It was supposed to be a routine court hearing to see how Mirkarimi is complying with the requirements of his probation after he pleaded guilty to a false imprisonment charge in March. But in a surprise move during the hearing, his attorney asked the judge to modify his stay-away order so that Mirkarimi could at least have phone conversations with his wife.
Mirkarimi Skypes with his 2-year-old son Theo regularly. He'd like to do the same with his wife, who's now back in her native Venezuela. Mirkarimi hasn't spoken to her in more than four months because of the stay-away order.
Friday in court, his lawyer argued unsuccessfully to modify the restraining order and allow him to speak by phone with his wife.
The impetus for his request was the exclusive ABC7 News I-Team interview by Dan Noyes. He spoke to Lopez in Venezuela earlier this week.
Mirkarimi called the interview enlightening.
"It showed, I think, what a family is going through 5,000 miles apart," Mirkarimi said.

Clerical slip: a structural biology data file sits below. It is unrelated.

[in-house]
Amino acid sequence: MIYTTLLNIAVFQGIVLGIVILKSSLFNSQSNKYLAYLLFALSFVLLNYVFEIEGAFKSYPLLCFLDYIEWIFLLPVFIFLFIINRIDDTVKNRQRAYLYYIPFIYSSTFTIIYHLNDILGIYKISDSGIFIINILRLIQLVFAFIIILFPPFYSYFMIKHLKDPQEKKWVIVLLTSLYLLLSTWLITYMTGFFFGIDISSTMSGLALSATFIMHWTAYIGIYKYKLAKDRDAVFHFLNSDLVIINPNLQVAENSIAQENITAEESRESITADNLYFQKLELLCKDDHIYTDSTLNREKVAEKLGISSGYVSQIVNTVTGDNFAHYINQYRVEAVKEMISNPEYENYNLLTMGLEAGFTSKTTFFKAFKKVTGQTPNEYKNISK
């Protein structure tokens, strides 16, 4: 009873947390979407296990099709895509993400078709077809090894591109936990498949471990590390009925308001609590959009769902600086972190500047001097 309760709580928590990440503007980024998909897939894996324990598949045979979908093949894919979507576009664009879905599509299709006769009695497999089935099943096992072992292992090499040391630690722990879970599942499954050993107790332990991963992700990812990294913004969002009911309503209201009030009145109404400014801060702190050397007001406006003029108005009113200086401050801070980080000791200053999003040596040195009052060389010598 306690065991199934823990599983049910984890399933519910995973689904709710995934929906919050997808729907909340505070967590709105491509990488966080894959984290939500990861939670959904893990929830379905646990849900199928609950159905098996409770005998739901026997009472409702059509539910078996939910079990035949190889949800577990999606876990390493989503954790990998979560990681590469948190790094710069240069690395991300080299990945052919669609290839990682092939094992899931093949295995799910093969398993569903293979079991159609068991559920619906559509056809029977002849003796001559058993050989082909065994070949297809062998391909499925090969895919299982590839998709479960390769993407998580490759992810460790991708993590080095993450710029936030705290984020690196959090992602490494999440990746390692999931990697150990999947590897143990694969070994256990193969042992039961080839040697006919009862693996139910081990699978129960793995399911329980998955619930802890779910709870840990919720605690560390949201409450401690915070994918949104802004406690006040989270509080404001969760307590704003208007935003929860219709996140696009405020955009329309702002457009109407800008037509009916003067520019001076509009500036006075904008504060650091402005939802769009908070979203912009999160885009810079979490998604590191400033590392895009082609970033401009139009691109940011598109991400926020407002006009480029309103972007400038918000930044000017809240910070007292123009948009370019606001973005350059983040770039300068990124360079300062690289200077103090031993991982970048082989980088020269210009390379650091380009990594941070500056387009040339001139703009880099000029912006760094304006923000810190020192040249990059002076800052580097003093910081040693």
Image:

Mirkarimi's lawyer, Lidia Stiglich, said in court, there were pressing personal matters between the two.
"As you know and your viewers know, they have a lot of talk about and a lot to work out," Stiglich said.
Among them: their future together.
When asked about that in Noyes' interview, Lopez said, "Maybe I will get divorced with Ross, but I'm very close with him in this fight; this is about justice."
Mirkarimi believes there's only one reason why prosecutors object to the phone conversations.
"It's political and they're trying to do whatever they can to break me by undermining the integrity of my family," he said.
Prosecutors say if there's any change in the restraining order, they would first want Lopez to appear in court under oath, requesting that the order be lifted.
"Forcing our family to have to pay $3,000, to fly back here and be in person, just to have phone contact? This is a choking strategy," Mirkarimi said.
The judge also struck down Mirkarimi's lawyer's suggestion that the prosecutors speak to Lopez using Skype. The district attorney's office says, by law, a victim of a crime of abuse has to appear in court before a stay away order can be lifted.